ST. LOUIS (KTVI) - St. Louis Public Schools follows a strict bidding process that not only considers cost, but also five other categories such as “experience” and “number of students served.” One of the losing bidders fears it’s only one secret category that matters.
Roderick Allen with Saint Louis Tutoring Company said, “I think the process really is who you know.”
Allen is a 15-year veteran teacher, who recently bid to tutor St. Louis Public School children in the current semester.
I asked Allen if he thought the process would be fair. He laughed and said, “No.”
“Why not,” Reporter Chris Hayes followed up.
Allen answered, “I think they select who they want to select and it’s already settled.”
Allen scored fifth. Looking at the score sheet we showed him, he wondered why first place Blueprint didn’t get the contract. Sylvan scored second. Yet the contract was awarded to the bidder that scored third – North Campus, which was founded by St. Louis Alderman Antonio French.
SLPS Superintendent Dr. Kelvin Adams told me “I can defend it 100%”
I asked Dr. Adams, “Why have such a careful and painstaking process if it doesn’t appear you followed it in this case?”
Adams said, “We did follow it. The process calls for those recommendations to come to myself to review, which I did. The people who were doing the reviewing didn’t have a total scope of the work.”
He said North Campus offered intangibles that didn’t show up on the official score sheet.
I followed up, “Can you give me a specific example of something that doesn’t appear on the score sheet, but you knew…”
Adams interjected, “Great questions. So with this particular company, on a Saturday I received a call of a young lady who was missing in the neighborhood…” He went on to describe how “North Campus” found the girl and also got her back into school.
Antonio French remembered it. He said, “She’s one of the kids who had been in our program for several years.” He described how his organization tracked her down through their contacts and use of social media. He said it was an example of the strength of his organization, which offers incentives for employees to live in the neighborhood in which they work.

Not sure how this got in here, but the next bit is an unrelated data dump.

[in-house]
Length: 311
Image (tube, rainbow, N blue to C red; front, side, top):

French drove us around the area where his organization tutors kids. He calls it a campus. He told me, “As much as 50% (of a contract) can be eaten up in transportation costs. So we provide our own transportation.”
He said they’re currently serving 250 kids a day in the O’Fallon neighborhood and parts of Penrose and College Hill. He explained, “What we’re trying to do is spark new life over in this area this is a really rough area here.”
North Campus is buying old buildings to turn into schools and acquiring abandoned lots to create more spaces to learn. He pointed to one of the lots he’s fenced up in preparation and said, “So the Sweet Potato Project is a non-profit that is interested in taking one of these lots. They work with kids. They grow sweet potatoes. They work with a business plan to teach kids how to create products.”
He said most of North Campus’ work doesn’t show up on a scoring sheet. He stood by a map of the area and said, “24 hours a day we are concerned with every part of campus. So what we know is a kids can’t be successful if they are hungry, so we feed them. They can’t read if they can’t see so we get them glasses.”
Other tutoring companies didn’t know the St. Louis Public School District would go beyond official scoring, which was very structured. There’s even a category for being a non-profit, in which French’s North Campus tied for the highest score.
I asked French, “Did you get this contract because of who you are?”
He answered, “No, I think North Campus has a long-term relationship that works good with the school system and works for the community. I think we do something that is unique.”
I followed up, “Dr. Adams said you bring intangibles to the table, but a member of the public may ask, is that your political influence? Is that the intangible?” French answered, “No. We’ve toured, we’ve seen what we do that is unique and we’re able to fill some gaps that St. Louis Public Schools can’t do, that the City often is unable to do independently, that the police department isn’t able to do. Organizations like North Campus can really deal with the whole child.”
He said he didn’t even know he scored third in the bidding. That also caught Roderick Allen off guard. When I asked when he’d learned about the scoring he laughed and said, “When you called!” Allen added, “I believe if there was a concrete… criteria on how they vote on these different bids and they’re undisputable no matter who looks at them, I think it’d be a more welcoming and friendly process.”
Tutoring companies Blueprint and Sylvan didn’t comment for this report.
Superintendent Dr. Adams did not vote. He looked at the scoring sheet and made his recommendation to three board members who voted for North Campus. Dr. Adams also said the District will soon be reviewing test scores tied to the tutoring. If the scores don’t meet expectations, he said the contract allows the District to withhold some of the $291,000.
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